FRANCIS: I hold [WHERE WE’RE BORN] very dear for two reasons, one because it was my first time at Steppenwolf, and second because it was my first time working with Caroline. This is our third play together. You want to know the truth? When I first met Caroline I was super intimidated and jealous because she was so talented.

DAVIS: I’m still intimidated and super jealous.

FRANCIS: And then, when we were in rehearsals, I was like, She’s the real deal….And then I kind of fell in love with her.

NEFF: And then in the play.

FRANCIS: And we fell in love in the play too. I’m pretty sure she left me, if I remember correctly.

So when Francis was offered her role in YOU GOT OLDER with Caroline and director Jonathan Berry already attached, it was an easy decision.

FRANCIS: I just really love them both so I was like, “Yes!”

For Davis, after reading the script, he realized the role presented to him offered a welcome deviation from his typical characters.

DAVIS: I thought, wow, I would not cast myself in this play! I would not in a million years think “Glenn” for this. And usually when that happens I say yes. Because…what do actors complain about most of the time? Being typecast, being pegged as a certain thing and not being able to break out of that. So when I read [YOU GOT OLDER] I saw who this character was, I thought, this would be very interesting for me to try to get inside of. And I was up for the challenge.

Surrounded by fellows in her new theater family, Francis speaks to the excitement of working with and being counted among several ensemble members who joined the company at the same time.

FRANCIS: I feel like I’m in a group of people that I look up to but we’re peers…There is this element of a new class year that’s coming in that makes me feel like, okay, I’m not alone, maybe we are the next generation. I feel a great sense of inspiration, responsibility, and friendship in that. Also, I look at these people and think, we’re going to do some amazing things in our careers together as a team.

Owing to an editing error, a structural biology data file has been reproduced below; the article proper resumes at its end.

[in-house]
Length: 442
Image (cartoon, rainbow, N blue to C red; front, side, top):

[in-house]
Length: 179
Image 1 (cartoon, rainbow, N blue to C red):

DAVIS: I thought to myself when we were in rehearsals, we’re going to look up one day and have done twenty plays together. Oh yeah, I know Caroline! I know Audrey!

NEFF: (laughing) She’s doing that thing!

DAVIS: (laughing) Not she’s doing that thing, but like that’s where she lives or that’s where she starts, that’s how she works…and being able to relate to one or both of them based on the experience that we’ve had.

From this perspective, YOU GOT OLDER provides a chance for these actors — and for audiences — to glimpse the exciting beginning of a lifelong partnership.

About author

Brynne Frauenhoffer

Brynne spent most of her childhood performing The Lion King as a one-woman show and writing spec scripts for Pokemon. As an adult, she has decided to basically keep doing things like that forever. After graduating with a BFA in Drama from The University of Oklahoma, she moved to Chicago, where she now pursues playwriting, acting, and comedy.